Friday, June 5, 2009
Alston will continue to start over Nelson
By Chris Sheridan ESPN.com
LOS ANGELES -- Rafer Alston's job is safe, and Jameer Nelson will continue to come off the bench in the NBA Finals.
At least that's what Orlando Magic coach Stan Van Gundy said, with some conviction, Friday, a day after the Magic's 25-point loss to the Los Angeles Lakers in Game 1.
"I cannot imagine -- although I'll never say never -- that I would get to a point where I would be comfortable starting him after he just missed four months. I've got no issues going forward with regards to who I start," Van Gundy said.
That statement also served as a vote of confidence for off guard Courtney Lee, who replaced J.J. Redick as the starting shooting guard for the Eastern Conference finals but had trouble -- just like other Magic players -- defending Kobe Bryant man-to-man.
Van Gundy did acknowledge that he had erred by using Nelson for the entire second quarter, saying he would limit Nelson to stretches of 6-7 minutes of playing time as the series moves forward.
Nelson, who tore the labrum in his right shoulder Feb. 2 and underwent surgery, returned from a four-month absence Thursday night. He had an immediate impact, scoring or assisting on all four baskets as the Magic converted their first four possessions of the second quarter, but Van Gundy said he stuck with Nelson too long when it was obvious late in the quarter that he was winded. Los Angeles scored 10 of the final 14 points before halftime, turning a four-point lead into a double-digit advantage that held up for all but 46 seconds of the second half.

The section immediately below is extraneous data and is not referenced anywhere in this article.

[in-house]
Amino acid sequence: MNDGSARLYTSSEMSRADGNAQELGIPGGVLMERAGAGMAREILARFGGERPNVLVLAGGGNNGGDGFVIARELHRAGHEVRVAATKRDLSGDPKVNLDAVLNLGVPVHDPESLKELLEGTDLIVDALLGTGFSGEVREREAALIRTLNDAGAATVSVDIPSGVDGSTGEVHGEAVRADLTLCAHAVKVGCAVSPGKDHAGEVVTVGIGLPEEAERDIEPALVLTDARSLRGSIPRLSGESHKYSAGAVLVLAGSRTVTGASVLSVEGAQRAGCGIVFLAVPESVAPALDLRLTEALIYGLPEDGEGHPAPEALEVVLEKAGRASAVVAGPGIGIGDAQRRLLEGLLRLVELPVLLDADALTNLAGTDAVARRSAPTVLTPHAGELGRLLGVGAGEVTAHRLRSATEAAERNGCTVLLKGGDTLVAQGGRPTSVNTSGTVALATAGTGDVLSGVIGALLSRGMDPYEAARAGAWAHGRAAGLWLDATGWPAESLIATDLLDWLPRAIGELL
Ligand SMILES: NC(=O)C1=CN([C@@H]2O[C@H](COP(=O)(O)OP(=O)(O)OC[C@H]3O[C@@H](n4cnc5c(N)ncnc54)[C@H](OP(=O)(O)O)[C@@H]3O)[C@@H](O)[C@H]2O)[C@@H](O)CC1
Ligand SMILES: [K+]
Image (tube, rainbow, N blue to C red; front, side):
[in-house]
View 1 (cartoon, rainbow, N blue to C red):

Van Gundy said he would alter his substitution patterns for Game 2, and -- in a shift from his statements of the previous night -- indicated that using a Twin Towers alignment of Dwight Howard at center and Marcin Gortat at power forward was an option if he feels the defensive boost wouldn't cause too many problems on the offensive end of the court.
"Of the nine guys we played, I thought Gortat had the best all-around game last night," Van Gundy said.
The Orlando coach also spoke about how the Lakers' size was something the Magic had difficulty adjusting to when trying to run their offense, and he took the blame for his team's lack of energy by saying the defensive scheme he installed to defend against the pick-and-roll was too passive -- and that passivity carried over into other aspects of the game.
Los Angeles outscored Orlando 56-22 in the paint, shot 46 percent to Orlando's 29 percent and outrebounded the Magic 55-41.
"The effort we made on the rebounding part of things was embarrassing," Van Gundy said. "I'll blame myself for a lot of things, and I did in the first game, but I really don't have an adjustment for when the ball goes up on the rim and everybody is going after it. I can't really X and O that. You're either going to put a body on somebody and go get the ball, or you're not. And last night, not."
Chris Sheridan is a senior writer for ESPN.com.